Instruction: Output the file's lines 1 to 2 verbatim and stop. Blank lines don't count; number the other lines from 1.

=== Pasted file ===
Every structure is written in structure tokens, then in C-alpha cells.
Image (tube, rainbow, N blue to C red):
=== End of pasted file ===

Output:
Every structure is written in structure tokens, then in C-alpha cells.
Image (tube, rainbow, N blue to C red):